Does your dog have diarrhea? If so, you’re probably wondering what to do next, and considering whether Pepto Bismol is a safe choice for your dog.
While Pepto Bismol is sometimes given to healthy dogs for the occasional upset stomach, it’s important to check with your veterinarian first to make sure it is appropriate to give your dog in this circumstance.
Too much Pepto Bismol can cause serious side effects for your dog, so you’ll need to first check with your veterinarian to find out the right dosage for your dog’s current weight and health status.
It’s also important to know how Pepto Bismol works, so you’ll know when it’s safe to give it to your dog under your veterinarian’s guidance. Read on to learn more about Pepto Bismol in dogs and what you can do if your dog has an upset stomach.
What is Pepto Bismol?
Pepto Bismol is a commonly used drug in humans for a variety of digestive upsets. You may remember the jingle from the commercials: “Nausea, heartburn, indigestion, upset stomach, diarrhea!”
Pepto Bismol – also known as bismuth salts, bismuth subcarbonate, bismuth subnitrate, or bismuth subsalicylate – is available over the counter for humans to address these ailments. Pepto Bismol works as an anti-inflammatory and antacid to settle the stomach, and may also have some antibacterial action, although this is not yet fully understood.
Most people are familiar with Pepto Bismol’s pink liquid suspension formulation, but it is also available in tablets, suppositories, and other formulations. In humans, it is recommended for occasional diarrhea, traveler’s diarrhea, or upset stomach due to overindulgence in food and drink.
Is Pepto Bismol safe for dogs?
Pepto Bismol is a safe and effective first line treatment for dogs with sudden onset diarrhea, as long as it is given under the guidance of your veterinarian.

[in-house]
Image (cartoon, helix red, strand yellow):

Although Pepto Bismol is safe for your dog when needed, be sure to store it out of reach so your dog does not get into it by accident.
Can I give my dog Pepto Bismol?
Your veterinarian may recommend giving your dog Pepto Bismol under certain conditions. However, you should never give your dog any over the counter medications, or any medications intended for humans, without first consulting your veterinarian. Always consult your veterinarian prior to giving any new medications or supplements to your dog.
If you have already given your dog Pepto Bismol, be sure to let your veterinarian know right away, as this may affect your veterinarian’s treatment options for your dog. Pepto Bismol is generally safe for dogs, but giving the wrong dosage or giving it at the wrong time can make your dog more sick, which is why it is important to always check with a professional first.
Side effects of Pepto Bismol in dogs
Although Pepto Bismol is safe for dogs when used at the appropriate dosage under the guidance of your veterinarian, there can still be some side effects from using this medication. Side effects of Pepto Bismol in dogs can include:
- Black stools
- GI ulcers
If Pepto Bismol is overdosed, salicylate toxicity can result. This can cause potentially life-threatening symptoms such as:
- Gastric bleeding
- Metabolic acidosis
- Tachypnea (rapid breathing)
- Pulmonary edema